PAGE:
The rise of digital, logistics platforms is a game-changer for existing players in the transport market. Online platforms make the transport market transparent by bundling supply and demand. This makes better use of available capacity in the market and reduces costs and prices in the chain. On the other hand, an online platform bundles the demand side of the market and ensures that providers reach a larger number of potential customers. Online platforms are disruptive because they serve users individually and customised on the basis of advanced technology and data - referred to as a user-centric approach - thereby driving out existing parties currently active in them and developing new services and business models based on data. Companies like Bol.com, Zalando, Amazon, Booking and Uber are well-known examples of successful platforms.


In transport and logistics, digital, logistics platforms have so far been limited to part of the chain (port-to-port: port-to-port) or to a specialised submarket (container road transport) due to the complexity of the logistics chain.

This project aims to go a step further and digitise the logistics export chain from 'door-to-port' and let exporters book and manage logistics via an online portal. The premise here is that a shipper can make an optimal choice for its container transport based on cost, efficiency and environmental impact of its transport.

Booking platform

The development of an innovative booking platform for container logistics in Zeeland contributes to a progressive response to current challenges. Besides optimising and making the sector's logistics in Zeeland more sustainable, this project contributes to a broader digital transformation. As digitalisation advances, new opportunities arise for businesses. They are using data collection and analysis tools to keep pace with the evolution of the sector. Innovating technical innovations and bringing developments together ensures that the domain of the Ports and Logistics Knowledge and Innovation Network not only digitises, but adapts to evolve along with it in a digital world. In this way, the project has an impact on the digital transformation of both customers and the sector. This makes the sector in Zeeland less vulnerable, resilient during expected changes and open to new innovations.

Zeelandbrug 1600x400 header


The world over, reefs, built by bio builders such as corals and shellfish, provide important ecosystem services including coastal safety, fisheries and recreation.

However, these reefs are under increasing pressure, and the loss of natural hard substrates is also reducing the biodiversity and productivity of the marine ecosystem. At the same time, there is actually an increase in artificial hard substrate for marine infrastructure, such as dykes, harbours and breakwaters. Because of its good workability and wide applicability, the most commonly used material for marine infrastructure is concrete. However, concrete has major drawbacks such as high CO2 emissions and chemical composition; the creatures that grow on concrete are different from the ones living on natural reefs.

In this project, several partners from both architectural and ecological backgrounds are working on what alternative materials can be used to make marine infrastructure more sustainable while enriching underwater nature.

To answer this question, alternative materials for concrete are produced and tested for conventional properties such as workability and strength. The most promising materials are tested in experimental lab research for the establishment of indicator species, after which the best-functioning materials are combined. Through experimental field research in the Wadden Sea, the Zeeland delta and near Saba (Dutch Caribbean), the development of ecological communities on the test blocks is investigated and a final selection is made. In this way, the ECODAMI project results in sustainable and ecologically optimal building materials that are directly applicable in marine infrastructure.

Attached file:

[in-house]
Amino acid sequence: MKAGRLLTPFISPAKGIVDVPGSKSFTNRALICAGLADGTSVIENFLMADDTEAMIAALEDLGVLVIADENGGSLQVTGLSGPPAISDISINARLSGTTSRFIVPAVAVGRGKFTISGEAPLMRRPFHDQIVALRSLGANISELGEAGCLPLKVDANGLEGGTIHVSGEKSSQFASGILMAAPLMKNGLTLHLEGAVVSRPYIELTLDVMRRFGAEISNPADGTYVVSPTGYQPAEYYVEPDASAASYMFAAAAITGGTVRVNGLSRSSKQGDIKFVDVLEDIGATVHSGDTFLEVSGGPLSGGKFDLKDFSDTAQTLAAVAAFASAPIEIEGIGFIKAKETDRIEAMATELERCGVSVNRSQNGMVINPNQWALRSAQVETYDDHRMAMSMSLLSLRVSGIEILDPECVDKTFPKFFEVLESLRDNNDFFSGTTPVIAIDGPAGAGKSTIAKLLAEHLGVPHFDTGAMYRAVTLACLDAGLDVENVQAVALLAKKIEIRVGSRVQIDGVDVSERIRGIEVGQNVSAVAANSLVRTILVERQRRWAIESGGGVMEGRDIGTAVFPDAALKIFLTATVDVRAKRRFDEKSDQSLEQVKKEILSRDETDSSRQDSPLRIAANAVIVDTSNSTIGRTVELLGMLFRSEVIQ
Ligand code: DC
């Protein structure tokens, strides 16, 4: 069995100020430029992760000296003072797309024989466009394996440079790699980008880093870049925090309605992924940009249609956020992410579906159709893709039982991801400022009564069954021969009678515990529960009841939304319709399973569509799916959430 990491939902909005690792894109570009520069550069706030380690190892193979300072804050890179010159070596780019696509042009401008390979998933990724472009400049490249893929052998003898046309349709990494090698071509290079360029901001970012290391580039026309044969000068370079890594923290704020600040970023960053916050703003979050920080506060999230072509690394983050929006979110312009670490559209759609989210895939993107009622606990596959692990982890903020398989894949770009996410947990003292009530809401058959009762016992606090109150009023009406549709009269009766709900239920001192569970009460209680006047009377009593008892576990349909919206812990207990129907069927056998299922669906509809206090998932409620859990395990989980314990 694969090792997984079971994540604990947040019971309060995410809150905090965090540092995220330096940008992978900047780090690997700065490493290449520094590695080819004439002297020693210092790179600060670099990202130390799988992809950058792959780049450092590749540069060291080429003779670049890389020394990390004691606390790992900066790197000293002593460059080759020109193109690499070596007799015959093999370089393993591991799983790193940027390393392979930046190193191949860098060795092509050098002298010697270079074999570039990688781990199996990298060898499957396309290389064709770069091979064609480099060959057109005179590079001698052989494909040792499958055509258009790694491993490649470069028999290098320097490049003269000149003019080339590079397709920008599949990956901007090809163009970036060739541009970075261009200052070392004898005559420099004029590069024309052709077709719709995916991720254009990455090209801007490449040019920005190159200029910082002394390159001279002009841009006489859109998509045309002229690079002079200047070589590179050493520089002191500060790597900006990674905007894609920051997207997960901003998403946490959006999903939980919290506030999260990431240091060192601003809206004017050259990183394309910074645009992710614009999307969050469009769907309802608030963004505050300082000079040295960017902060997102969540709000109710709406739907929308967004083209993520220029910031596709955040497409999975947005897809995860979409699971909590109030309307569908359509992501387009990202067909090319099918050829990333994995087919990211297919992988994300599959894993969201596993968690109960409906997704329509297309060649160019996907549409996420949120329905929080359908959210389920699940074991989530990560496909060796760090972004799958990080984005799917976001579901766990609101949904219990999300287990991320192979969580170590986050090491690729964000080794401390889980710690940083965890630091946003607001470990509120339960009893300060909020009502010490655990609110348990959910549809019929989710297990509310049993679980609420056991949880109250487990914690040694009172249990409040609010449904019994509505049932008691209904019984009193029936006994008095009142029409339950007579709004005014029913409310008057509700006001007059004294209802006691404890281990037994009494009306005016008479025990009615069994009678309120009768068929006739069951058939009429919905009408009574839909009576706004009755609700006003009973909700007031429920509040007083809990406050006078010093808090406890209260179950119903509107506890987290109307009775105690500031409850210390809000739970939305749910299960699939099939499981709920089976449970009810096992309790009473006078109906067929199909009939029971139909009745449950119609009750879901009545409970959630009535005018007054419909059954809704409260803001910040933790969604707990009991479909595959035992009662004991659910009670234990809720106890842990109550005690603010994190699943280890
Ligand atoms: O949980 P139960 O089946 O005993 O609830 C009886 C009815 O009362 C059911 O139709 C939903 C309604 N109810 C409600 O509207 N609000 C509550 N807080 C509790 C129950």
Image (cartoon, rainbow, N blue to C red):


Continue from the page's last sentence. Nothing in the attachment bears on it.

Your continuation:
Hz Waterdunen 2019 Web 25Pr 01

Flipfarm in Waterdunen

To date, oysters in the Netherlands are cultivated at the bottom of shallow waters (i.e. bottom cultivation) or on so-called cultivation tables. Bottom culture oysters are moved twice a year to ensure ideal conditions for growth and to cope with silting. These operations require a lot of vessel movements and manual labour. The cultivation operations can also cause unwanted pressure on the environment.

Consequently, stricter regulations are expected to reduce the space where oysters can be grown. In addition, predators, oxygen depletion and weather conditions are a hindrance and growing concern for bottom cultivation. Alternative production methods based on cultivation tables require a relatively large amount of manual labour in comparison; sometimes oysters have to be shucked up to 15 times a year for the purpose of obtaining a nice shape shell. In addition, cultivation tables also lead to tension in drying areas that are also home to many foraging migratory birds.

Floating systems

This is the reason why this project aims to develop a new cultivation method based on floating systems that allows sustainable cultivation of oysters in tidal environments, with the added advantage of minimising manual labour through (mechanical) automation. The basis of the proposed 'flip farm system' consists of several floating baskets in which the oysters are grown. The baskets are connected by a line. Several buoys and anchors (i.e. grid) keep the breeding baskets at the intended location and height in the water column (matched to optimal algae concentrations). A methodology will be developed to turn the baskets regularly (with minimal labour) for the purpose of obtaining an attractive oyster shape; this will investigate how to efficiently make use of tidal action. In the process, an innovative system will be developed to classify and sort oysters in a smart and automated manner during the process, both during cultivation and at harvest time.


In summary, the envisaged flip farm system consists of three components, which will be developed and demonstrated within this project: